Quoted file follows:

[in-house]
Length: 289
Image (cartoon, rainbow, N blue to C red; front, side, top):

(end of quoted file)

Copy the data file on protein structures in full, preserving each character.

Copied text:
[in-house]
Length: 289
Image (cartoon, rainbow, N blue to C red; front, side, top):